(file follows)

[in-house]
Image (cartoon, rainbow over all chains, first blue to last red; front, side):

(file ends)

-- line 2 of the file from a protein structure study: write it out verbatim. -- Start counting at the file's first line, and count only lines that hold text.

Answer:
Image (cartoon, rainbow over all chains, first blue to last red; front, side):